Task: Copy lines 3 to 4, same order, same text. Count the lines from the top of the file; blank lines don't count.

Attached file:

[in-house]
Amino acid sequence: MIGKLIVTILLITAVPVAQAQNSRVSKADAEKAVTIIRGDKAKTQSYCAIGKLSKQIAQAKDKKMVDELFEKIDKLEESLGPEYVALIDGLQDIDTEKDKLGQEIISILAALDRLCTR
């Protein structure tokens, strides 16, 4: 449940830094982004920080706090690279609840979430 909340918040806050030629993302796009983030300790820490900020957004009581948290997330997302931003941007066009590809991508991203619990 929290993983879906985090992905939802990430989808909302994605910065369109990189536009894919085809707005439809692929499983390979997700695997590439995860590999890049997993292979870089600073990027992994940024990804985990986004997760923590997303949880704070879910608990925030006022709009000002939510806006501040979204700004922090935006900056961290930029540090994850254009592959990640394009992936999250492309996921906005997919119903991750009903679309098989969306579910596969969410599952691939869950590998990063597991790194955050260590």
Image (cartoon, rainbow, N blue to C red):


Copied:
């Protein structure tokens, strides 16, 4: 449940830094982004920080706090690279609840979430 909340918040806050030629993302796009983030300790820490900020957004009581948290997330997302931003941007066009590809991508991203619990 929290993983879906985090992905939802990430989808909302994605910065369109990189536009894919085809707005439809692929499983390979997700695997590439995860590999890049997993292979870089600073990027992994940024990804985990986004997760923590997303949880704070879910608990925030006022709009000002939510806006501040979204700004922090935006900056961290930029540090994850254009592959990640394009992936999250492309996921906005997919119903991750009903679309098989969306579910596969969410599952691939869950590998990063597991790194955050260590």
Image (cartoon, rainbow, N blue to C red):